It seems like the time has finally come … Google Reader … is dead.

As of yesterday the service, which many of us have come to call a staple in our online usage, has ceased to operate.

There is still time to export data (if you need) but the more important thing is what ever shall we do to replace this service for our RSS needs – and does this big change open new opportunities to spark an interest in RSS within the mainstream Web community?

The following are a few examples of RSS readers and services which should take the place of Google Reader (and hey, you may end up liking them more).

Before you begin

If you want to easily move your selection over to a new reader than you can use the Google Takeout service which will export your data (and then later imported to another).

Log into the service, select the Reader option, and do the download. Now you’re set to move.

The worthwhile alternatives

Below is a hand-crafted selection of alternatives to Google Reader that should handle all of your needs (and may expand on your use of RSS since readers have come a long way):


Feedly is all kinds of sexy and is one of the most popular alternatives for RSS (especially now that Google Reader is out of the picture). You can access all your favorite feeds from your devices or through the Web; it keeps things simple in design, layout, and white-space so you can quickly browse through the offerings without feeling too overwhelmed by data.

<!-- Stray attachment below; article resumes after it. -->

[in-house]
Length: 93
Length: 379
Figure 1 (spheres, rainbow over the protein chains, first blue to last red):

Feedly is free, of course, and comes with a set of features that you’ll find delightful (that Reader failed to deliver upon) such as its speed, social sharing, and a selection if display styles that reinvents how you manage your favorite websites. In all, it’s amazing.


Pulse is a great choice for your Google Reader alternative if you’re tired of the same-old, same-old when it comes to interface and interaction with your feeds. Pulse takes your subscriptions and adds a stylish layer that’s perfect for when you’re on the go and want a magazine-type feel.

You can download Pulse for iOS, Android, or access it through your Web browser. What makes the service especially fun is the ability to save stories for later and sync them across your devices so you’re never stuck in front of your computer just to read the news.

Digg Reader has seen quite a few ups and downs over the year with the latest being a brand new takeover and update that is vastly different than the Digg of yesteryear. One of these big changes, as of late, has been the introduction of the Digg Reader which the Digg team quickly put together as an alternative.

The Digg Reader is simple and stylish; you can quickly setup an account if you’re already logged into your Google account or you could use social networking site logins as your alternative. Once you’re in it’s a matter of importing the data or manually adding things back in (if you’d like to start fresh).


The death of Google Reader is a strange blow to every user of the Web (or, at least those that used RSS in the first place). Website owners may see a dip in regular readers if subscribers decided to ditch RSS all-together since their preferred service is no longer available. Generally users, too, may not see the draw of RSS anymore since we have social media to keep things in check. Whatever side you’re on do know that you have options and maybe take the time to educate your readers because RSS is a great way to stay informed … if you use it.